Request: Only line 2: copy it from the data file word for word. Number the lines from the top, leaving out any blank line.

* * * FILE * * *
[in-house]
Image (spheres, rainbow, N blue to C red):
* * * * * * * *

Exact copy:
Image (spheres, rainbow, N blue to C red):